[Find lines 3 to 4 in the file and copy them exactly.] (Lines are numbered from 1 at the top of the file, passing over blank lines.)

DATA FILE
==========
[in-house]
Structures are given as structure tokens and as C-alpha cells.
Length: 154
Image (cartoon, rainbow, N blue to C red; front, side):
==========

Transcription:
Length: 154
Image (cartoon, rainbow, N blue to C red; front, side):